Revisiting Your Health Goals with the New Year
A new year often brings about a desire to reassess your health. As data shows, if you’re among the 75% of Americans who don’t meet physical activity recommendations, you might consider focusing your New Year’s resolutions on increasing your activity levels. However, a common obstacle is the lack of motivation or energy to get physically active.
You’re not alone in this struggle. Whether due to mental health issues, low energy levels, or just a lack of motivation, keeping active can be challenging. Luckily, we have collected six effective strategies from personal trainers and physical therapists to help you stay active, even when you feel like doing nothing.
Setting Manageable Fitness Goals
Most fitness experts agree that setting small, achievable goals is crucial. This could mean just getting through five minutes of exercise or doing three push-ups. As Julie Lohre, a certified personal trainer and women’s fitness expert, puts it, “the first step should be so easy that you can’t say no.” Once you start exercising, it’s likely you’ll feel motivated to keep going.
According to Daniel Richter, certified personal trainer and founder of Strength Log, “Our minds want to stop sooner than our bodies, so get moving for a short time and reevaluate afterward.” Even if you stop after achieving your initial goal, remember that any exercise is better than none.
Embracing Gentle Exercise
On days when you lack the motivation to get off the couch, it’s okay to shift your focus to low-impact exercises. Andrew Nasr, an orthopedic and sports physical therapist at Rudis, recommends workouts like yoga, tai chi, swimming, or even a simple walk, especially on low-energy days. Nasr notes that “even just 15 to 20 minutes outside in nature can lift your mood while getting your blood circulating.”
You can also try lighter forms of exercise like dancing, bodyweight exercises, or even doing household chores at a brisk pace. Another option is the recent fitness trend known as “cozy cardio”, which you can do from your living room.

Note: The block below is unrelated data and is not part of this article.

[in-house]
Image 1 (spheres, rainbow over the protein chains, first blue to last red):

Finding Your Exercise Motivations
Remembering why you want to stay active can be a huge motivator. Maybe you want to live longer, feel stronger, build muscle, or achieve a specific fitness goal. However, health isn’t the only motivator. As a survey by fitness app Strava revealed, social connections and enjoyment from the activity can also drive motivation for working out.
Respecting Your Body’s Limits
Pay attention to how your body feels during exercise. Feeling drained or weak could indicate missing sleep, hydration, or optimal nutrition, or could be a result of burnout from previous physical activity. James Dixon, personal trainer at the Fitness Brain, underscores the importance of active recovery between workouts. If you consistently feel drained after workouts, consult your doctor to rule out any underlying health conditions.
Acknowledging Your Fitness Achievements
Don’t forget to credit yourself each time you exercise. A habit tracker can help you visually record your progress and sustain your momentum. As the habit of being active becomes more ingrained, it will require less effort to get started.
Allowing Yourself Flexibility
There will be days when working out just isn’t feasible. It’s important to be gentle with yourself on such days. Low-energy days can be an opportunity to engage in restorative activities like breathwork or meditation, or intentional rest. By maintaining self-compassion, you can hold yourself accountable without being self-critical.